Magic: The Gathering pro Steve Rubin might retire after MCVI

Burnout may have claimed another victim.

Magic The Gathering Pro Steve Rubin
Image via Wizards of the Coast Magic: The Gathering

The world of Magic: The Gathering needs pros like Steve Rubin, which is why his announcement of possible retirement today is a sad moment for the MTG community. 

Whether he’s venting through social media or seriously considering retirement, Rubin posted on Twitter that Mythic Championship VI in Richmond will likely be his last pro MTG tournament.

Rubin joined the pro MTG scene in 2013 with a debut at Pro Tour Gatecrash. Since then, he’s had 14 top eight finishes and one first-place win during the 2015-2016 Pro Tour event in Madrid. Previously ranked in the top 100 MTG players around the world, Rubin will be missed if he decides to follow through on his retirement from Magic

For newbies seeking the glory of stardom in MTG on tabletop or digital (MTG Arena and MTGO), Rubin is the type of pro to follow. He doesn’t talk smack about his opponents and loves to play because of the game itself, not for the prize pool. 

Pro players, however, are feeling burnout from the tabletop grind due to the amount of cash being thrown around by WotC at MTGA tournaments over paper ones. Getting an invite to an MTG Mythic Championship is no small feat for players. It involves massive amounts of grinding and preparation for paper and digital, along with a hefty amount of traveling (expenses) if you’re playing tabletop.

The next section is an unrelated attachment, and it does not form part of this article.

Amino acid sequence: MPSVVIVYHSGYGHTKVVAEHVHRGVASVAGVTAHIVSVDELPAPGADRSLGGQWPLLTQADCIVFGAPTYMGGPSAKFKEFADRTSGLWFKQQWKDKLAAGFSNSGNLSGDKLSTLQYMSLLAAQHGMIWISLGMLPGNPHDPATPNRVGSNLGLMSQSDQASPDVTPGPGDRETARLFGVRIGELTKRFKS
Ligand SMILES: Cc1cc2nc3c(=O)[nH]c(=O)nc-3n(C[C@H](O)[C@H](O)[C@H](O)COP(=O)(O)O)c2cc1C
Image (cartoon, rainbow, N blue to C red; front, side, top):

And yet, tabletop players who don’t place in the top 20 at a major event will only walk away with a few hundred dollars from the prize pool, while digital players can earn thousands following a poor run. 

The restructuring of pro tournaments by WotC (tabletop and digital) is going to be a process in which there will be successes and plenty of failures. Improvements need to be made so players are treated with equal respect and compensation.

If Rubin does retire after MTG Mythic Championship VI, some fans will want to see him go out on top and, more importantly, that his love for the game will always remain.